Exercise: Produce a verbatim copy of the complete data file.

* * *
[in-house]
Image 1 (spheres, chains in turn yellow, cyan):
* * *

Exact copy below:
[in-house]
Image 1 (spheres, chains in turn yellow, cyan):